Amazon Web Services (AWS) – Scaling on Public Cloud
The networking industry has seen quite a few changes in the past decades. Many users have turned their backs to hardware appliances provided by the usual big networking vendors, chasing substantial savings in CAPEX and OPEX and running away from a vendor lock-in position.
These users have found huge flexibility and higher return on investment with software-based appliances running on COTS servers. Cloud computing services have been the accelerating factors of this transformation, helping users with on-demand access to Infrastructure from a pool of resources.
One of the Cloud Computing providers in the market has been a pioneer providing Public Cloud Services since August 2006: Amazon Web Services – AWS EC2.
This blog focuses on the challenges of scaling a software-based network appliance on AWS EC2.
Unlimited Resources / Limited Bandwidth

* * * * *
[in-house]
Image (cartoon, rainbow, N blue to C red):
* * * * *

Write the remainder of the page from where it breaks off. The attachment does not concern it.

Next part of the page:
AWS EC2 is a cloud computing environment providing flexible and on-demand computing resources to any users who are looking to run a software on the public cloud infrastructure provided by AWS.
To run a network appliance on AWS, a user needs to:
- Select a region in the world to host the environment
- Choose a computing environment, called an instance type
- Use a software image prepared to run on AWS, called an AMI – Amazon Machine Image
- Configure networking elements such as Network Adapters, Network Subnets/Routes, Security Groups, etc.
AWS provides plenty of information to help with the instance type selection, providing details and comparisons between different options. These instance types are categorized by code names which consist of alphabetical characters and numbers. Each instance type relies on a different type of vCPU, RAM, storage and network performance.
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Table 1: AWS Instance Type Examples
A quick look at the different types of instances on AWS can let anyone think that resources are unlimited. Indeed, AWS is providing a great variety of CPU types including:
- Intel Xeon processors
- AMD APYC processors
- ARM based AWS Graviton processors